No attempt has ever been made by Arizona Department of Corrections (ADC) administration to address this point. ADC General Counsel Karyn Klausner offered her opinion: "I have reviewed the materials sent by MIM Distributors and find the decision to exclude the publication due to content 'promoting racism and/or religious oppression,' was appropriate." She gave no explanation of how she came to the conclusion that it was an "appropriate" violation of Constitutionally protected rights. In a later letter Ms. Klausner clarified that with this statement she didn't mean she was "upholding" the censorship in her official capacity as General Counsel of the Office of the Director of ADC, just that she agreed with it on a persynal level.

Instead of explaining how the study group mailing in any way promotes racism and/or religious oppression, ADC administrators then began to rely on their policy of violating MIM Distributors' First Amendment right to free speech and association to censor this study group assignment:

"There is nothing in case law that gives rise to a publisher's right to appeal a decision to exclude its material on an administrative appeal level. . . You are not entitled to a forum within the prison system." - ADC Director, Charles Ryan

Director Ryan clearly had not investigated the matter on the prisoner's end either. He claimed that our imprisoned comrade had not appealed the decision to censor, yet s/he had, on multiple levels, and submitted requests for the results of these appeals.

"You claim that MIM Distributors has no rights to appeal the censorship of their mail. While we are not lawyers, and may have put too much weight on the Procunier case, we still uphold that we have First and Fourteenth Amendment rights according to federal law. As employees of the state you may not deny anyone their rights to free speech and association arbitrarily and without due process. In fact, if you read Thornburgh v. Abbot, 490 U.S. 401, which you referred [COLLEAGUE] to, you will see that its procedural protection was provided because the publisher was notified of the censorship and given the right to independent review. A number of U.S. Court of Appeals decisions have upheld the right of the publisher in such instances (Montcalm Publ'g Corp. v. Beck, 80 F.3d 105, 106 (4th Cir.), Trudeau v. Wyrick, 713 F.2d 1360, 1366 (8th Cir.1983), Martin v. Kelley, 803 F.2d 236, 243-44 (6th Cir.1986) )." - MIM Distributors, Legal Assistant

And ADC's response?

"You assert that 'MIM Distributors' First Amendment right to free speech' is not being respected. The Arizona Department of Corrections is obligated to respect, within the confines of legitimate penological interests, an inmate's constitutional rights. It does not follow that ADC is likewise obliged to do the same for an independent distributor such as MIM." - General Counsel, Karyn Klausner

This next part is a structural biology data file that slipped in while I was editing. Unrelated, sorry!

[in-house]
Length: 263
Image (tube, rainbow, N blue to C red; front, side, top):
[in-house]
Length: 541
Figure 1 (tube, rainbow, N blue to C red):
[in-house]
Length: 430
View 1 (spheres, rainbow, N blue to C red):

It is apparent that the ADC believes themselves to be exempt from the legal straitjacket of the United $tates Constitution, which they don't see as having an application in the 10th Circuit. This isn't surprising coming from an institution whose administrators believe that one can promote racial and/or religious repression without ever talking about race or religion!

Amerikans like to pretend they hold no political prisoners, yet political repression is an integral part of the U.$. injustice system at every step. In our struggle for a world without oppression, MIM(Prisons) works to build public opinion for national liberation struggles amongst prisoners through our newsletter Under Lock & Key, our free books for prisoners program, and our study groups. Within prisons, there are two primary ways in which the state enacts political repression: through physical torture techniques such as solitary confinement, forced drugging, beatings, starvation and murder; and through the control of the spread of ideas, which also includes solitary confinement as well as the censorship of mail, and outlawing oppressed nation organizations.

In pre-fascist Amerika, we are still promised certain rights under United $tates laws. While we recognize that U.$. law will never lead us to communism (a world without oppression), we still need to fight for more room to organize and educate for revolution. Fighting against the censorship of revolutionary literature is vital to maintaining the connection between the inside and out, which may make the difference between being turned on to communism or not for many people. For those already turned on, we need to fight against censorship so that we can continue to build our revolutionary understanding.

Like a MIM Distributors Legal Assistant mentioned above, we are not lawyers. We do what we can to protect our Constitutional rights from the outside with the resources we have, and we rely on prisoners to fight to maintain their rights from the inside. If there is a lawyer who wants to get involved with this specific incident in Arizona, or with anti-censorship work in general, get in touch!

You can browse incidents of censorship here.

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[Campaigns] [Legal] [Arizona]
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No Experience Necessary